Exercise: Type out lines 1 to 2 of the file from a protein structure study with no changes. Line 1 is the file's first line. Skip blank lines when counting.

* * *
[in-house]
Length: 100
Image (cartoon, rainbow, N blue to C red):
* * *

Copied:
[in-house]
Length: 100